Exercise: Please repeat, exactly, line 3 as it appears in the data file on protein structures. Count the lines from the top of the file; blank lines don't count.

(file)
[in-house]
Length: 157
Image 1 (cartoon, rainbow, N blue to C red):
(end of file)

Image 1 (cartoon, rainbow, N blue to C red):